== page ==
Arts fest merging familiar and new

Nationally known artists paired in performances with local favorites

June 08, 2007|By Sandy Alexander | Sandy Alexander,sun reporter

The Columbia Festival of the Arts has built a reputation for bringing new acts to familiar Columbia venues. This year, the organizers are presenting some familiar groups in new ways to celebrate the event's 20th anniversary.

The festival is pairing renowned fiddler, violinist and composer Mark O'Connor with the Columbia Orchestra on Sunday, and the Columbia Pro Cantare will join the Minnesota Dance Theatre's performance of Carmina Burana on June 15.

The festival has long offered opportunities to local performing groups and visual artists, particularly at the free LakeFest event, in workshops and at smaller venues. But this year, festival director Nichole Hickey said her group expanded its local ties "more so than in recent history because of the coincidence of our 20th anniversary and Columbia's 40th birthday."

She also noted that several local dance groups (and a few Columbia residents) will take part in Squonk Opera's humorous theatrical presentation of Columbia: The Opera on June 23.

She said the collaborations between local and visiting artists are intended to fit smoothly into the festival's tradition of offering shows that can't usually be seen here. "Our mission ... is not to present groups that are already being presented [locally]," she said. "We're trying to enhance what they are doing as artists by bringing in people from the outside, so they have an experience, too, that enables them to grow."

Columbia Orchestra Executive Director Tedd Griepentrog called his group's collaboration with O'Connor "a rare and great opportunity."

Griepentrog said, "He's a world-class fiddler who has played with professional orchestras around the world. For a community orchestra like ours to bring him in would not have been financially possible."

O'Connor, 45, of New York, is known for his skillful combining of classical violin techniques and American-style fiddling from genres such as bluegrass and jazz. He said he fell in love with composing for orchestra 15 years ago and has written six concertos that incorporate his appreciation of diverse areas of music. O'Connor said that for his third appearance at the Columbia festival, he is planning to perform as a soloist on some of his earlier pieces, including The Fiddle Concerto, written in the early 1990s.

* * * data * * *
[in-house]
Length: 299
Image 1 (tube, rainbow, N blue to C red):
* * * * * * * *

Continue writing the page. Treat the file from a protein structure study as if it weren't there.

"I often find this is the case with a lot of earlier work from artists, there is a sense of directness, a sense of vulnerability, a sense of searching for something the artist may not have found, and it comes out in a way that is kind of reaffirming," O'Connor said. "Now that I'm coming into middle age, I'm actually seeing it in my own catalog."

He said he welcomes orchestra conductors to try new interpretations of his works, and he finds his role as a soloist has remained exciting even after hundreds of performances.

"My general goal is to play in a way like I'm playing it for the first time," he said. "Honestly, that is not hard for me to do. I just intuitively like to do that. I think it comes from the creative spirit I have, and also from my ability to improvise on my instrument."

Even on his most famous piece, Appalachia Waltz, which O'Connor believes he has played a thousand times, "I feel vulnerable with it. I really have to concentrate because I could do something wrong in it. It's almost like I'm still respectful of the piece and sometimes scared of it."

O'Connor just finished 10 months of work to turn the themes of Appalachia Waltz into a symphony - one that does not include a solo part for him. It will have its premiere in August at the Cabrillo Festival of Contemporary Music in California under the direction of Baltimore Symphony Orchestra conductor Marin Alsop.

The Minnesota Dance Theatre's offering in Columbia is also a melding of artistic forms.

The Columbia Pro Cantare will provide choral voices to accompany the dancers, vocal soloists, pianists and percussionists from Minnesota.

Carmina Burana was composed in the 1930s by Carl Orff using a German compilation of 13th-century poetry by vagrant monks in Europe.

The Minnesota Dance Theatre's founder, Loyce Houlton, choreographed a performance to Carmina Burana in the 1970s that was revamped in 2004 by Houlton's daughter, Lise Houlton, the current company director, in collaboration with the Theatre de la Jeune Lune, another Minneapolis-based company.

The Pro Cantare performed Carmina Burana in 1980 with the BSO and in 2000 with a full orchestra at Jim Rouse Theatre. The festival event is a new opportunity to be part of a larger, theatrical performance of the piece, including movement by the chorus around the stage.

"It does put more responsibility on us to know what we're doing, to be part of a whole in a different way," said Frances Motyca Dawson, founder and director of the Pro Cantare. The singers "have to have more sensory input from what is going on. It is a different experience."

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